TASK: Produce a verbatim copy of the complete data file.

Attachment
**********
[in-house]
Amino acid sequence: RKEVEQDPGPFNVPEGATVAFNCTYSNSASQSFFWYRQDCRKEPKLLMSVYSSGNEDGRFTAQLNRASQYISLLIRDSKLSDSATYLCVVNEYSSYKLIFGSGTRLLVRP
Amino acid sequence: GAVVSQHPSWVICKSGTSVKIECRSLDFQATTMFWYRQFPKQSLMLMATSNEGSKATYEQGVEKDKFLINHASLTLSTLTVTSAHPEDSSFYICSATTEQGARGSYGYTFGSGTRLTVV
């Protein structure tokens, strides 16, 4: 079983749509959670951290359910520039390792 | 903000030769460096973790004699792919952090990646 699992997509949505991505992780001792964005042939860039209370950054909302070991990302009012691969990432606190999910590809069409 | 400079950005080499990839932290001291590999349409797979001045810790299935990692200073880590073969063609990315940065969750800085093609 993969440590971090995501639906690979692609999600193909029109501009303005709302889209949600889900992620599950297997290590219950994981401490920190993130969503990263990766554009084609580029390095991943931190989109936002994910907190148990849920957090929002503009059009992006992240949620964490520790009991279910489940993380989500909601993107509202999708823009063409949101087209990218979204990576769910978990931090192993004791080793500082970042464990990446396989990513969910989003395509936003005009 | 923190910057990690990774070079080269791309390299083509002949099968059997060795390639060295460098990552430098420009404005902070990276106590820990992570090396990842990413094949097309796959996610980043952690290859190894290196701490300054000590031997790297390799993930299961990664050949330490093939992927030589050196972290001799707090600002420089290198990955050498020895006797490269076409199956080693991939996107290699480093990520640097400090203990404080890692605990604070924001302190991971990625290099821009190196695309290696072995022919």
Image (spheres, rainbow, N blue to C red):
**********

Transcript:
[in-house]
Amino acid sequence: RKEVEQDPGPFNVPEGATVAFNCTYSNSASQSFFWYRQDCRKEPKLLMSVYSSGNEDGRFTAQLNRASQYISLLIRDSKLSDSATYLCVVNEYSSYKLIFGSGTRLLVRP
Amino acid sequence: GAVVSQHPSWVICKSGTSVKIECRSLDFQATTMFWYRQFPKQSLMLMATSNEGSKATYEQGVEKDKFLINHASLTLSTLTVTSAHPEDSSFYICSATTEQGARGSYGYTFGSGTRLTVV
């Protein structure tokens, strides 16, 4: 079983749509959670951290359910520039390792 | 903000030769460096973790004699792919952090990646 699992997509949505991505992780001792964005042939860039209370950054909302070991990302009012691969990432606190999910590809069409 | 400079950005080499990839932290001291590999349409797979001045810790299935990692200073880590073969063609990315940065969750800085093609 993969440590971090995501639906690979692609999600193909029109501009303005709302889209949600889900992620599950297997290590219950994981401490920190993130969503990263990766554009084609580029390095991943931190989109936002994910907190148990849920957090929002503009059009992006992240949620964490520790009991279910489940993380989500909601993107509202999708823009063409949101087209990218979204990576769910978990931090192993004791080793500082970042464990990446396989990513969910989003395509936003005009 | 923190910057990690990774070079080269791309390299083509002949099968059997060795390639060295460098990552430098420009404005902070990276106590820990992570090396990842990413094949097309796959996610980043952690290859190894290196701490300054000590031997790297390799993930299961990664050949330490093939992927030589050196972290001799707090600002420089290198990955050498020895006797490269076409199956080693991939996107290699480093990520640097400090203990404080890692605990604070924001302190991971990625290099821009190196695309290696072995022919």
Image (spheres, rainbow, N blue to C red):